TIPS FOR AVOIDING GMOs
Tip #1: Buy Organic
Certified organic products cannot intentionally include any GMO ingredients. Buy products labeled “100% organic,” “organic,” or “made with organic ingredients.” You can be doubly sure if the product also has a Non-GMO Project Verified Seal.
Tip #2: Look for “Non-GMO” Labels
Products that carry the Non-GMO Project Seal are independently verified to be in compliance with North America’s only third party standard for GMO avoidance, including testing of at-risk ingredients. The Non-GMO Project is a non-profit organization committed to providing consumers with clearly labeled and independently verified non-GMO choices. Look for dairy products labeled “No rBGH or rBST,” or “artificial hormone-free.”
Tip #3: Avoid At-Risk Ingredients
If it’s not labeled organic or verified non-GMO: Avoid products made with ingredients that might be derived from GMOs (see ingredient list below). The eight GM food crops are Corn, Soybeans, Canola, Cottonseed, Sugar Beets, Hawaiian Papaya (most) and a small amount of Zucchini and Yellow Squash.
If a non-organic product made in North American lists “sugar” as an ingredient (and NOT pure cane sugar), then it is almost certainly a combination of sugar from both sugar cane and GM sugar beets.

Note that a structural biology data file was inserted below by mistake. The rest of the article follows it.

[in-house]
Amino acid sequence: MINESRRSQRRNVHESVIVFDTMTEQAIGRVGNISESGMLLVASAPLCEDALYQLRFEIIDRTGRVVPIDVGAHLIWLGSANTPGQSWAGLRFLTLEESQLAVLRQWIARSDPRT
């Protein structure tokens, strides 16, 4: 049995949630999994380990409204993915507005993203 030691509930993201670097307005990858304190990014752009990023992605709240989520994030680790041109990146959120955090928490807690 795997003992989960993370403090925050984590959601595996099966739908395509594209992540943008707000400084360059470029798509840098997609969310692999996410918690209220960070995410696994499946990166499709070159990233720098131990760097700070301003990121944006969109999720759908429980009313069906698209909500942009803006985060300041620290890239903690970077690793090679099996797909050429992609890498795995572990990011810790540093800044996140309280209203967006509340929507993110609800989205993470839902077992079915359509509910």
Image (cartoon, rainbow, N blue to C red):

Products may be from cows injected with GM bovine growth hormone. Look for labels stating No rBGH, rBST, or artificial hormones.
Hidden GM Ingredients
Processed foods often have hidden GM sources (unless they are organic or declared non-GMO). The following are ingredients that may be made from GMOs.
Aspartame, also called
NutraSweet®, Equal Spoonful®,
Canderel®, BeneVia®, E951 AminoSweet®
canola oil (rapeseed)
cobalamin (Vit. B12)
fructose (any form)
high fructose corn syrup (HFCS)
hydrolyzed vegetable protein
modified food starch
mono and diglycerides
monosodium glutamate (MSG)
soy protein isolate
sugar (unless cane)
textured vegetable protein
tocopherols (Vit E)